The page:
FDA approves agents for ED, renal angiomyolipomas; OAB agent launched

May 9, 2012

The FDA recently approved new treatments for erectile dysfunction and renal angiomyolipomas, and a previously approved agent for overactive bladder has been launched.

The FDA recently approved new treatments for erectile dysfunction and renal angiomyolipomas, and a previously approved agent for overactive bladder has been launched.

In late April, Vivus, Inc. announced the approval of avanafil (Stendra) tablets, for the treatment of erectile dysfunction.

More than 1,200 men with ED participated in clinical studies evaluating the efficacy and safety of avanafil, which met all primary efficacy endpoints at all doses (50 mg, 100 mg, and 200 mg), according to the company. Significant improvement in erectile function was observed for all doses compared with placebo.

"Stendra is the first of a new generation of PDE-5 inhibitors, and the approval marks an exciting new milestone for the millions of men suffering from erectile dysfunction who are in need of a new treatment option," said Wayne Hellstrom, MD, of Tulane University School of Medicine in New Orleans.

The FDA also has approved everolimus (Afinitor) for treatment of renal angiomyolipomas not requiring immediate surgery in patients with tuberous sclerosis complex (TSC).

A pill taken once daily, everolimus blocks the uncontrolled activity of the mTOR kinase, which plays a critical role in the development and growth of the various non-cancerous tumors occurring in patients with TSC.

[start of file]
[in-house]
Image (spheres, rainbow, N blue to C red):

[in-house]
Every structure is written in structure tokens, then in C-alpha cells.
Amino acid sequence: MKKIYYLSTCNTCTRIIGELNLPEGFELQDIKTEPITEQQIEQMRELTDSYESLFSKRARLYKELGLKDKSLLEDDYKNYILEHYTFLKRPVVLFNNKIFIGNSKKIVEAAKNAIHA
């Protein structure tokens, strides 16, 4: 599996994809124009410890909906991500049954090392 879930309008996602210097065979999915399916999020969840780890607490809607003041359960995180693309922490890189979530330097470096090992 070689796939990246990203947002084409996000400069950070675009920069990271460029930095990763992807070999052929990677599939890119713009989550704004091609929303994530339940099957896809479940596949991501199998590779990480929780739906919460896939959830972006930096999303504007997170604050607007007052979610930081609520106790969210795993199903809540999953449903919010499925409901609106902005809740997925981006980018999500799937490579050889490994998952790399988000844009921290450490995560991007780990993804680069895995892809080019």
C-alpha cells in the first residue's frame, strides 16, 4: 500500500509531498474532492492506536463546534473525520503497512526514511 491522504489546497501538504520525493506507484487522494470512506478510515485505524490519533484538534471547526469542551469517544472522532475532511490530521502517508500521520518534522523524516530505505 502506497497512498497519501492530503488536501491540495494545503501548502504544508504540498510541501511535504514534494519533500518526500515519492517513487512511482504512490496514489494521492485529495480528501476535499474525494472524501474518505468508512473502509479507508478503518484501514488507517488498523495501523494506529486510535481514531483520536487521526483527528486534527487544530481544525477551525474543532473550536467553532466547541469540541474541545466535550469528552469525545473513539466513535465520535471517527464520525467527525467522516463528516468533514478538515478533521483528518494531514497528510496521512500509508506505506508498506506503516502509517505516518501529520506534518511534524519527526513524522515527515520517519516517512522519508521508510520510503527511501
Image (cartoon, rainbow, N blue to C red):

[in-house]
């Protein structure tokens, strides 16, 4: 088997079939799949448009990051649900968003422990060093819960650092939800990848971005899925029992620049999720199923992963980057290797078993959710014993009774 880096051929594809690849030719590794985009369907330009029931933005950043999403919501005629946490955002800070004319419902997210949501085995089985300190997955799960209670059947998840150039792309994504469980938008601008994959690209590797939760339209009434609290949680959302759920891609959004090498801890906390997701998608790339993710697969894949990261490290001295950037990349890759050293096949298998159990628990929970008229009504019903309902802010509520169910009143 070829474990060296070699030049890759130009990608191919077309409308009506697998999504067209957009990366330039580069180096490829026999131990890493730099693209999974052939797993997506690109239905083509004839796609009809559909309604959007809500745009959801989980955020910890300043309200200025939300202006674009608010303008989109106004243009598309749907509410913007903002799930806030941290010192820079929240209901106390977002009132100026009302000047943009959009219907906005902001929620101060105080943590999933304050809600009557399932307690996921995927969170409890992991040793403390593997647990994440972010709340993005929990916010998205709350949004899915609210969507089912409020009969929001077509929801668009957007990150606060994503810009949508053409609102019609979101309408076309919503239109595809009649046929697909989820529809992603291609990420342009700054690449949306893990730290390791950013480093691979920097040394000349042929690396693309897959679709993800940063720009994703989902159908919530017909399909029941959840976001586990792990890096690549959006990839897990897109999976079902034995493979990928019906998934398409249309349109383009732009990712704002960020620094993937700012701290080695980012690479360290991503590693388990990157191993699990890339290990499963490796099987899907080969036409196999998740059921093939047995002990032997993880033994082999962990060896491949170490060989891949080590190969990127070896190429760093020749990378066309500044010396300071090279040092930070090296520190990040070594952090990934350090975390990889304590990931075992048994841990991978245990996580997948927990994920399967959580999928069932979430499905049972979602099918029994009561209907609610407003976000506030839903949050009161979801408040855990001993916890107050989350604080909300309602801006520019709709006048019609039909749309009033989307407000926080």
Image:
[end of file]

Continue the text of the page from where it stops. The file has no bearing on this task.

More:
"This approval underscores the FDA’s commitment to the development of drugs for rare diseases with significant unmet medical needs," said Richard Pazdur, MD, of the FDA’s Center for Drug Evaluation and Research. "It also represents another example of where an understanding of a disease’s underlying biology can lead to more selective drug development."

Everolimus’ safety and efficacy were established in a double-blind, placebo-controlled clinical trial of 118 patients. With half of the patients receiving less than 8 months of treatment, 42% treated with everolimus showed a substantial reduction in tumor size lasting, on average, more than 5 months. None of those receiving placebo had tumor shrinkage.

Everolimus was previously approved for patients with advanced renal cell carcinoma refractory to treatment with sunitinib (Sutent) or sorafenib (Nexavar).

Separately, Watson Pharmaceuticals, Inc. and Antares Pharma, Inc. recently launched oxybutynin gel 3% (Gelnique) for the treatment of overactive bladder with symptoms of urge urinary incontinence, urgency, and frequency. The product is a clear, odorless topical gel that has been shown to be an effective and safe treatment for OAB and is available in a metered pump dispenser. It was approved by the FDA in December 2011.

"The launch of Gelnique 3% further demonstrates Watson’s commitment to invest in building a leadership position in urology, particularly in the overactive bladder market," said Fred Wilkinson of Watson Pharmaceuticals. "The clinical trial demonstrated an early treatment effect versus placebo and improved efficacy over time."

The brand name "Gelnique" is also used for Watson’s oxybutynin chloride gel 10%.

Dr. Hellstrom is a consultant/adviser, investigator, and meeting participant/lecturer for Vivus.

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